Epidemiology of PDCoVs
PDCoV was first identified by Deltacoronavirus specific-PCR in rectal swabs of pigs (10.1 %, 17/169) with unknown healthy status in Hong Kong . Then, PDCoV emerged in United States, China, South Korea and Thailand [5, 17, 18]. In most of studies, excluding PEDV, TGEV and porcine rotavirus, PDCoV, as an important enteric pathogen, was detected in clinical samples from pigs with diarrhea [9–12, 23]. In addition, it was confirmed experimentally that less than two-week old piglets were susceptible to PDCoV, which caused mild to moderate diarrhea as well as macroscopic and microscopic lesions in small intestines of conventional piglets (5-day-old), and severe diarrhea, vomiting, fecal shedding of virus, and severe atrophic enteritis in gnotobiotic pigs (11- to 14-day-old) [2, 3]. The data further confirmed that PDCoV were enteropathogenic in pigs. Meanwhile, PEDV or rotavirus showed higher detection rates in PDCoV-positive samples compared with other TGEV and rotavirus [8, 13–15, 24]. As shown above, co-infection of PDCoV and PEDV occurred in nursing piglets (Table 1), indicating that the diarrhea-related pathogens were quite complex clinically and not easy to control in the field. Moreover, in the two recent studies, PDCoV was shown to have higher infectivity in sows with diarrhea (81.0 %, 34/42) than nonclinical counterparts (23.5 %, 4/17) [8, 15], which might imply that sows often carry PDCoV. And further, it could result in the transmission of PDCoV from sows to the foetus and even newborn piglets, although the pathogenesis mechanism of PDCoV remains unclear.
To further understand the origin of PDCoV, some retrospective studies were made using PCR and enzyme-linked immunosorbent assay (ELISA) [24–26]. In Dong et al.  study, 2 of 6 samples collected from Anhui Province of China in 2004 were positive for PDCoV, up to now, it was the most ancient time for the detection of PDCoV in China. Meanwhile, PDCoV could date back to August 2013 in United States, where only 3 PDCoV-samples were detected using PCR in archived samples . As for serology of PDCoV, anti-PDCoV IgG antibodies could date back to 2010 using an indirect anti-PDCoV IgG ELISA based on the putative S1 portion of the spike protein . The above studies indicated that PDCoV could have circulated in China at least since 2004 and in United States since 2010. Maybe, due to limted samples in the present study, we did not detect PDCoV in pig samples collected from Guangdong province between 2012 and 2014. Although Asian leopard cat coronavirus (GenBank accession no. EF584908) was close to PDCoV in the phylogenetic trees (Figs. 1 and 2), in the future, more epidemiological surveys should be warranted to uncover the origin of PDCoV.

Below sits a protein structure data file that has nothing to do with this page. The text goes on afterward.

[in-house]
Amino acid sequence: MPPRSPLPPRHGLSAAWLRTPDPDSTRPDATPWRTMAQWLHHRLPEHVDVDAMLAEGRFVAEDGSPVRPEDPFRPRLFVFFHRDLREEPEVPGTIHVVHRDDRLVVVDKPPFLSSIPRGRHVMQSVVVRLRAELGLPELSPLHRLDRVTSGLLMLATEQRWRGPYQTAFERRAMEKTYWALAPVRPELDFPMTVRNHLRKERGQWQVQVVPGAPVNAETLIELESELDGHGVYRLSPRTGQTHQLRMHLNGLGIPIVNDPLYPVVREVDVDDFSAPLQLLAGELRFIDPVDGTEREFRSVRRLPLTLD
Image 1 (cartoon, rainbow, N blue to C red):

At the territory of China, Southern China mainly includes Guangdong province, Hainan province and the Guangxi autonomous region. Although molecular detection of PDCoV was performed in these regions [23, 24], little information was available on PDCoV prevalence. In a study by Chen et al. , an overall positive-PDCoV rate of 23.4 % (15/64) was obtained in all samples collected from Guangdong, Shanxi and Hubei provinces. However, more detailed data of PDCoV was not available in Guangdong province. Meanwhile, in the study from Dong et al. , only four archived samples from the Guangxi autonomous region were examined, but all negative for PDCoV. In this study, we demonstrated that PDCoV circulated and was co-infected by PEDV on those swine farms in Guangdong province, Hainan province and the Guangxi autonomous region, which further contributed to the epidemiology of PDCoV in these regions despite the relatively low prevalence.
Genetic diversity of PDCoVs